Published on June 25, 2019

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Photography by Nicole Franzen, Design by Robert McKinley

Robert McKinley has one rule when starting a new project: Decorate according to how you want people to feel. “My ideal guest is someone who loves the beach, loves to cook, loves design, loves to spend time with their family and friends,” he tells Domino. “I want them to feel that exhale when they walk through the door. I want their shoulders to come down and for them to get that little grin that they get when they’re a bit excited because they’re finally at a place where they can just enjoy the things they love.” 

The creative mind behind such buzzy hotels as Montauk’s Surf Lodge and, more recently, Laguna Beach’s Hotel Joaquin aims to encourage this attitude with his breezy boho beach aesthetic that’s part airy and part nostalgic. 

This week, he and his wife, Kate Nauta, opened a fully shoppable vacation rental in Montauk. It’s the couple’s second property, modeled after the success of the original McKinley Bungalow, which opened in summer 2018. The four-bedroom home showcases McKinley’s signature style: whitewashed walls, natural textures, pops of color, and a healthy dose of personal mementos, such as vintage National Geographic magazines, collected straw hats, layered rugs, and the like. The sleek chef’s kitchen conceals a few clever high-low hacks, and, as with every other McKinley project, a moody book-filled nook breaks away from the home’s airy palette.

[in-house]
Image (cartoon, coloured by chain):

Here, the designer shares his secrets to creating a welcoming weekend escape.

To Find Extra Space and Light, Go Up

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Photography by Nicole Franzen, Design by Robert McKinley

Located in Montauk’s Country Club Estates, the 1971 bungalow hadn’t been updated in a few decades. McKinley and Nauta had to bring a lot of the structure down to the studs, which was an opportunity to use a few clever hacks to make the space feel fresh and airy. “We have little tricks that we do when we come into these ranch homes,” explains the designer. “When they have attics, we open up the ceilings to the rafters in the living room and dining space.”